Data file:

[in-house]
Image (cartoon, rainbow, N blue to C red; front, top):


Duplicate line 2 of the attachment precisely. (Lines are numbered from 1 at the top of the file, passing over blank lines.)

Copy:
Image (cartoon, rainbow, N blue to C red; front, top):